So my therapist explained it is similar to having issues transitioning from one task to another. You see-when I watch a movie-I am in the large dark theater, typically with surround sound and so all my senses are engrossed in the movie. even to the point where the popcorn and sodas are necessary to function and digest the film. So I get sucked into the world (which takes the 1.5-3 hours of the film) and therefore when I come back, I am actually adjusting my senses back to “reality.” What’s crazy–I didn’t realize I was doing it until I recognized myself kinda “acting out” recent movies I’ve seen pretending I existed in their world. Current movie transition/connection issue?–the deep personal links the music from Frozen 2 has with my personal life and therefore I have been sorta half stuck in that world. Yes-i have almost started cosplaying Anna and know all the worlds to the songs. Grant it–it doesn’t help that one is Disney, a huge interest for me.
Any else relate to this issue? Don’t worry-no judgment from me. I was just trying to figure out why I do it or what triggers it (even though its almost every movie now) so I can better prepare myself after a movie.
Do you ever try and recall your first memory? Or feeling? Just try–thinking back as far as you can go. Guess what? — I really remember mine.
I was little, can’t remember how old, but my mom for what I felt took me to a nearby babysitter for some reason. I remember feeling not scared, just off. And that I had to figure out how this place worked… instead of just letting myself go and play. They gave me pop cycles, which I to this day still hate because they’re sticky but also I can’t bite down on them, I’d rather just drink the juice. I mean, I wasn’t sad or upset. Just…there.
The thing I remember being in a bunk bed, lower level for a nap. I was confused because I was happy it was a bunk bed ( I always wanted one because I have to change how I sleep… can’t sleep facing the end of the bed they say ( so exactly like my son it’s super crazy similar.) yet I was not sad but … maybe scared… just unsure how I was supposed to feel about a place I liked yet wasn’t mine. I was in middle ground, in limbo. In a place I didn’t understand. And that today is where I never like hanging out. I like to know my environment. Know the limits and the rules and play within certain guidelines. Complete freedom doesn’t scare me…but it is a little chaotic, unhealthy and dangerous.
So its weird because its not a significant memory yet it stands out so clear in my mind. I really don’t have any main memories until I’m older-like elementary school age.
What’s the first thing you remember? Do you want to remember it? Is it something that builds who you are today? Comment below!
So in my last blog, I talked about my personal struggles about possibly being autistic along with my son. Self-awareness is beautiful and so I wanted to talk about what it has been like discovering this part of my identity.
First– I have found people like me. (lol I can now sing the sound of my people–ARROOO! ARROOO!) They have sensory food issues (i was not kidding how horribly i hate avocados/mushrooms and mustard), qerky fun things about their personalities, dye their hair or do their makeup in the most amazing colors ON PURPOSE (not for style but stimming) and have similar struggles like when I watch movies where I get stuck in the movie world and it’s hard to transitions out without acting like the movie. And other autistics don’t mind if you emotionally need a break or if you’re going through a burnout — they get it. No explanation needed. And no one is “putting on face.” or “playing a game.” We really don’t know how. Neurologically speaking. Most of wear our hearts on our sleeve or if we do hide, we get really good at it. And even if by some review of sorts I’m NOT at least neurodivergent (not sure how I feel if that were to happen…considering things) — everyone should have an autistic friend in their life. Support and love them and learn to see a little of their world. As Agony Autie says (WATCH HER VIDEOS!) — it’s a privilege.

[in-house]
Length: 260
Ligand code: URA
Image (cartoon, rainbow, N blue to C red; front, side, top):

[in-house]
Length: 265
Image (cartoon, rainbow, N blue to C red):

Identifying as autistic has also helped me understand some very major aspects about myself as a child as to why I just never felt like I ever fit in. Oh, wait, not fitting in, that’s a qualifier without me even realizing it. I am general an extroverted social person. But I can only slightly read people and NEVER know the right response. Or don’t have the time to process things. Check more on the autistic list.
Item Two: my friend count was low. Not bad. I had really great friends that many I am still friends with today. But no true one BEST FRIEND. When my mom got sick and I had to find a friend to take care of me because my dad would probably not be able to–I was scared because I had no 1 person (you got two choices anyways, but still.) And frankly– a lot of them I rarely hung out with outside of the environment I knew them in.Band Geeks (loud and proud) but never got along with band people. Was in honors but did not mesh with the popular crowd. I did girl scouts which I know struggled with keeping friends there because some girls used me (don’t worry I have a friend I live near I am grateful–but she’s half church half scouts so I don’t count that lol.)